Got marketing? Organics face quandary
My monthly, first Sunday, food matters column for the San Francisco Chronicle:
Q: I read that the new farm bill is going to establish a checkoff program for organics. What’s that? Is this good for organics?
A: As with everything in food politics, the answer depends on who you are. If you are a big producer of organic foods, it’s good news. If you are small, it may cost you more than it’s worth. And if all you want is to buy organic foods at a price you can afford, it could go either way.
Let’s start with the farm bill, which still has many hurdles to jump before it gets passed. The bill ties agricultural policy to food stamps (which take up 80 percent of the budget), favors large industrial farms over small, and only occasionally tosses in a token program to promote public health or environmental protection.
One such token is the organic checkoff. Both the Senate and House have amended the farm bill to permit organic producers and handlers to form a marketing and promotion program, commonly known as a checkoff.
The way this works is that if the amendments survive, the bill passes and organic growers agree on the program – all iffy at the moment – the Department of Agriculture will require every producer and handler of certified organic foods to pay a fee per unit sale (the checkoff). The fees go into a common fund to be used for research and marketing of organic foods in general.
The USDA currently administers 19 checkoff programs. The best known are beef (“it’s what’s for dinner”), milk (“got milk?”) and eggs (“the incredible edible”). Others cover foods such as blueberries, Hass avocados, mangos, peanuts, popcorn and watermelon.
In these cases, the industry or its representatives voted for the programs. They are administered by the USDA but the industry pays for them.
Checkoff funds are allowed to be used for advertising, consumer education, foreign market development and research. They cannot be used for lobbying, although the distinction between promoting a product to consumers and extolling its virtues to lawmakers can be subtle.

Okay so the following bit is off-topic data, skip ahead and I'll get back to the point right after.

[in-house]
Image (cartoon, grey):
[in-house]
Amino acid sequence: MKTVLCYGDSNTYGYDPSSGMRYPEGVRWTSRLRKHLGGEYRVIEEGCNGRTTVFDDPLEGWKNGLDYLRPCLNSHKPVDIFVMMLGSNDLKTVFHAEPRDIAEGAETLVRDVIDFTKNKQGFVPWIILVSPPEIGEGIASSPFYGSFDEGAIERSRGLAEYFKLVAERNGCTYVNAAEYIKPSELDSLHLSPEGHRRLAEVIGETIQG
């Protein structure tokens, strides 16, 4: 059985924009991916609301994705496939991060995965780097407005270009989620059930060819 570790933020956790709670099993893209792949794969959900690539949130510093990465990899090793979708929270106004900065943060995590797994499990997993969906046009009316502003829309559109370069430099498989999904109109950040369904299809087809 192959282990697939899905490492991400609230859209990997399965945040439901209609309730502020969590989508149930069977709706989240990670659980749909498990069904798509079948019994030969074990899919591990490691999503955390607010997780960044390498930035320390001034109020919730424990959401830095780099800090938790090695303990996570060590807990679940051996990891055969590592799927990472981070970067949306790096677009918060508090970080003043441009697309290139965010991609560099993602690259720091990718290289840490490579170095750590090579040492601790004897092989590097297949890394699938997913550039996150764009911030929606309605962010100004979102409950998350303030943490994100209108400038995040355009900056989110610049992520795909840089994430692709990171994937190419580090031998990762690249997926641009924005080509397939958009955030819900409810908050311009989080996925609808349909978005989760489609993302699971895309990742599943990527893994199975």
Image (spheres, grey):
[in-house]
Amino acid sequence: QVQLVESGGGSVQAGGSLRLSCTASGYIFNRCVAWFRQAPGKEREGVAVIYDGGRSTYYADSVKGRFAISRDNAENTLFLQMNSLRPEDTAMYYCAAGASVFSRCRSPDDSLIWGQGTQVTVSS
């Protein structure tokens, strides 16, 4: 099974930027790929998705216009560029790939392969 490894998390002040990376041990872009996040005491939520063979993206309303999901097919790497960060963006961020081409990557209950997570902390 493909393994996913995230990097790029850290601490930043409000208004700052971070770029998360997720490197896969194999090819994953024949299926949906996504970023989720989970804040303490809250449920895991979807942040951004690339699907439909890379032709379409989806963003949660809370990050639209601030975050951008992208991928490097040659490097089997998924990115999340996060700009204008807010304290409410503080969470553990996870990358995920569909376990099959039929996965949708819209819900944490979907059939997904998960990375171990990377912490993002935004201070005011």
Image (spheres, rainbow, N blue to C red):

The Organic Trade Association, which represents hundreds of organic producers but is dominated by the big ones, has lobbied for this program since 2010. The association is concerned that consumers cannot currently tell the difference between “natural,” a term that is unregulated, and “certified organic,” which is highly regulated, requires inspection and is more expensive to produce.
Mostly, the association wants to increase market share. Sales of organic foods in the United States have been growing by about 10 percent annually and reached $35 billion last year, but this amount is minuscule in comparison to total food sales. The growth potential of organic foods is enormous.
The congressional go-ahead is a triumph for the association, which convinced a majority of the Senate and House that the public wants the farm bill to support organics.
That many producers of conventional foods and their friends in Congress do not like organics is an understatement. They resent that consumers are willing to pay premium prices for organics. They consider organics to be a slap in the face – a personal assault on conventional agricultural practices.
They cite many reasons why the organic checkoff should not be allowed. For one thing, it is distinctly different from all other commodity checkoff programs – “organic” is a production process, not a food.
Because farmers are allowed to pay fees into only one checkoff program, the growers of organic blueberries would have to choose between the one for organics and the one for blueberries.
Questioning the cost
Critics of the entire concept of checkoff programs say all they do is increase food prices by passing the costs of promotion on to consumers.
Small organic producers and handlers are also leery. They object to having to pay fees for something that is not guaranteed to do them any good. Evidence for the benefits of checkoff programs is mixed. Some farmers benefit, while others do not.
And because checkoff funds are not allowed to be used for advertising that implies disparagement of other foods or production processes, small organic producers fear that marketing will focus exclusively on whether or not a product is certified and will be used to promote any organic product, including junk food. The rules will not allow promotion to focus on the benefits of organics to health or the environment.
Checkoffs are about marketing. They are not about health, sustainability, human welfare or any other value cherished by today’s food movement. Much as I favor organic over conventional production methods, I’m hoping organic producers will think carefully before approving a checkoff.